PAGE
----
Full Online Books
BOOK CATEGORIES
Authors Authors Short Stories Short Stories Long Stories Long Stories Funny Stories Funny Stories Love Stories Love Stories Stories For Kids Stories For Kids Poems Poems Essays Essays Nonfictions Nonfictions Plays Plays Folktales Folktales Fairy Tales Fairy Tales Fables Fables Learning Kitchen Learning Kitchen
LINKS
Valid XHTML 1.0 Transitional Free Classified Website Without Registration Free Classified Website Daniel Company
Twitter Twitter Add book
donate
Full Online Book HomeShort StoriesThe Tale Of Jimmy Rabbit - XIV - Boy Lost!
Famous Authors (View All Authors)
The Tale Of Jimmy Rabbit - XIV - Boy Lost! Post by :BackRackHosting Category :Short Stories Author :Arthur Scott Bailey Date :April 2012 Read :2900

Click below to download : The Tale Of Jimmy Rabbit - XIV - Boy Lost! (Format : PDF)

The Tale Of Jimmy Rabbit - XIV - Boy Lost!

XIV - Boy Lost!

Poor Mrs. Rabbit didn't know what to do. Her son Jimmy had not been home since early morning; and she was sure he was lost. She hurried through the woods, looking for him everywhere. But not a trace of him could she find. No one had seen him.

At last Mrs. Rabbit happened to meet Jasper Jay.

"Have you seen Jimmy?" she asked.

"Yes!" he said. "Right after breakfast I saw him hurrying along the road by the river. The gypsies have a camp there. And I wouldn't be a bit surprised if they had stolen him," he added very cheerfully.

When Mrs. Rabbit heard that she was terribly upset.

"Oh, dear! Oh, dear!" she cried. "Whatever shall I do?"

"The usual thing," Jasper Jay told her, "is to offer a reward."

"Is that so?" said Mrs. Rabbit. "I've never done anything like that. Will you help me?"

"Why, certainly!" said Jasper. And he set to work and painted a big sign, which looked like this:

LOST, STRAYED, OR STOLEN!

A boy in a checkered suit, with a short
tail and long ears. He answers to the
name of Jimmy Rabbit. A reward will be
paid for his return, and no questions asked.
MRS. RABBIT,
Near the Big Pine Tree.

"There!" said Jasper Jay, proudly. "That ought to fetch him, if anything will." And he and Mrs. Rabbit took the sign down to the road and hung it on a fence-post.

"Why do you say 'No questions asked'?" she inquired.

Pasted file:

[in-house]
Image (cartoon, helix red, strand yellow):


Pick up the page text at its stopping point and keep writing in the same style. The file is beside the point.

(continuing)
"That's the way it's always done," said Jasper.

Now, it was almost as Jasper Jay had thought. Jimmy Rabbit was at the gypsies' camp. But he hadn't been stolen. He was skulking about, as near the gypsies as he dared to go. And he was so interested in what he saw that he had entirely forgotten to go home to dinner. But late in the afternoon he began to have such a queer feeling in his stomach that he remembered then that he had had nothing to eat since breakfast. And he started off up the road, towards home.

You can imagine how surprised he was when he stopped and read Jasper Jay's sign. As soon as he had read it a second time he decided that he had better hurry home a little faster. For he could see that his mother was worried.

So Jimmy jumped through the fence and went hopping across the meadow. Soon he was home again; and Mrs. Rabbit was hugging him and asking him where he had been and what he had been doing.

Jimmy was just going to tell her. But he happened to think that when his mother learned that he had been at the gypsies' camp all day she might not be pleased. And then he remembered that sign.

"Why don't you answer me?" Mrs. Rabbit asked. "You'd better speak up at once. Where have you been?"

"But the sign said 'No questions asked'!" Jimmy reminded her.

When she heard that, Mrs. Rabbit gasped.

"Yes!" Jimmy went on. "And it said 'A reward will be paid for his return'!"

Mrs. Rabbit gasped again. She saw that Jasper Jay had got her into trouble. It seemed to her that it would be very hard to have to pay a reward to her own son. But Mrs. Rabbit was a person who always kept her word.

"Well," she said, "what do you want?"

"I think," Jimmy told her, "that I would like something to eat."

"Then the gypsies didn't give you your dinner," Mrs. Rabbit said.

"No, Mother!" Jimmy answered, before he thought. So you see that Mrs. Rabbit found out where he had been, after all, even though she asked no questions.

It is very hard to keep anything from one's mother.

If you like this book please share to your friends :
NEXT BOOKS

The Tale Of Jimmy Rabbit - XV - Telling Fortunes The Tale Of Jimmy Rabbit - XV - Telling Fortunes

The Tale Of Jimmy Rabbit - XV - Telling Fortunes
XV - Telling FortunesAt the gypsies' camp Jimmy Rabbit had seen something that was very interesting. He had watched the gypsies telling fortunes. And he saw no reason why he should not become a fortune-teller himself. It looked easy enough. All you had to do was to hold the hand of the person whose fortune you were telling and say anything that came into your head. And you were paid for it, too! That was the best part of it all.As soon as he had eaten the lunch that his mother gave him, Jimmy skipped away to ask everyone he met
PREVIOUS BOOKS

The Tale Of Jimmy Rabbit - XIII - Mr. Crow's Picture The Tale Of Jimmy Rabbit - XIII - Mr. Crow's Picture

The Tale Of Jimmy Rabbit - XIII - Mr. Crow's Picture
XIII - Mr. Crow's PictureIn the woods near the foot of Blue Mountain news travels fast. Soon everybody knew that Jimmy Rabbit had become an artist. And many of the woods-people put on their best clothes and hurried to Jimmy's house, to have their pictures painted.They were disappointed when Jimmy told them all that they would have to wait."But after I've made a picture of Mr. Crow you shall each have your turn," he promised.Some of them grumbled. And Mr. Fox, especially, was very disagreeable."I was the first one here," he said. "I don't see why I should have to wait
NEXT 10 BOOKS | PREVIOUS 10 BOOKS | RANDOM 10 BOOKS
LEAVE A COMMENT